After a long day of travelling there is nothing like sitting down with old and new friends, having a scrumptious meal and reminiscing about the days events. Well thanks to Bonnievale Wines the night kept going, the wine kept flowing and the smile kept growing.
Arriving for the Skål Bi-Annual Hosted by Garden Route Skål
On the weekend of the 11th and 12th of September the Garden Route Skål hosted the Skål South Africa Bi-Annual. Skalleuges on the Garden Route opened their doors and hearts wide to accommodate delegates from across our country.
On the afternoon of the 11th of September delegates arrived at the Beacon Island and checked in, everyone was greeted by the friendly and always smiling Beacon Island staff and then got to sign in and get their name badges from Skalleuge Lara Mostert of Monkeyland, Birds of Eden and Jukani Wildlife Sanctuary – the current award winner of the Skål International Sustainable Award.
Raised in cages to be hunted as trophies like Cecil, and so used to humans that they think their killers are bringing them food – the haunting fate of South Africa’s ‘canned’ lions is exposed
- Fresh outcry expected over fate of greatest of Africa’s big cats as new movie is released about ‘canned hunting’
- Blood Lions will be screened next month on PBS and shows how hundreds of lions are raised to be shot as trophies
- They spend their lives in cages then taste just a few days of ‘freedom’ inside reserves enclosed by electric fences
- The animals are so used to humans that when they hear vehicles and pick up the hunters’ scent they think they are going to be fed
- Hunting a lion costs up to $30,000 and an estimated 500 Americans are among the trophy hunters who come to South Africa for the ‘canned hunt’
A new international outcry at the treatment of Africa’s lions is about to hit just weeks after the furor over the killing of Cecil by Minnesota dentist Walter Palmer.
A movie will air next month that claims to blow the lid off big game hunting in South Africa, saying that 99 percent of the lions bagged in the country are hand-reared and specially bred for the bullet.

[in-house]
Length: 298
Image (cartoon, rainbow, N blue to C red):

The movie, Blood Lions, has already been shown in South Africa, and is expected to bring new outrage down on the heads of wealthy Americans who travel to the Dark Continent with one thing in mind — bringing back a lion’s head so they can mount it on their wall and boast how they killed it in the wild.
‘There are roughly 1,000 lions killed by hunters in South Africa every year,’ Blood Lions executive director Andrew Venter told Daily Mail Online in an exclusive interview. ‘Of those, around 10 are genuinely wild.’
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Hunted: This white lion is one of the hundreds of the ‘apex animals’ bred simply to be hunted on reserves in South Africa
Farmed: The ‘canned hunting’ industry hand raises the lions in cages. They become so used to humans that they associate the scent with mealtime
Prized: A male lion is more valued as a trophy because of its mane. ‘Canned’ lions do not have the scratch marks that wild ones do from the fights for territory and superiority in the pride which are part of their lives
Catalog: How ‘canned lions’ are listed for selection as prey in a picture guidebook
A Benkoe Kill: The ‘canned’ lions are raised for this fate, with 1,000 killed every year. They are released for a minimum of four days to fulfill requirements which make them classed as ‘wild’ – then hunted.
The movie, to be broadcast on PBS next month, follows American hunter Rick Swazey to Benkoe, a hunting lodge near Vryburg in South Africa’s North West Province.
There he is guaranteed that for a payment of $5,400 he will get to shoot a lioness he has picked out of an online catalog of potential targets.
‘We were offered 14 lions with the images and prices attached,’ documentary maker Ian Michler told Daily Mail Online.
Moviemakers claim that the lioness was raised by hand in the booming so-called ‘canned hunting’ trade, although the lodge’s owner strenuously denied that to Daily Mail Online.
‘Benkoe Safaris do not engage in any canned lion hunting activities,’ owner Ben Duminy said. ‘Our clients do not shoot tame lions in small enclosures as the Blood Lions video tries to portray.
‘We are proud to be accredited by the South African Predators Association as a world class lion hunting destination, which means our clients hunt wild and dangerous lions on a fair chase and walk-and-stalk basis.
‘On several occasions a hunt ended with near catastrophic results for the hunter as a result of the viciousness and aggression of the quarry,’ Duminy added.
Yet he said he would not try to sue the moviemakers. ‘Legal action is not an appropriate strategy to combat the lies and propaganda of the animal rights lobby,’ said Duminy. He said hunters in South Africa have their own program ‘aimed at putting the true facts about the captive breeding industry across to people and institutions that really matter.’
Segregated: These lions are kept in cages apart from each other to avoid them fighting. Their heads are more valued if they are unmarked by scratches from fighting each other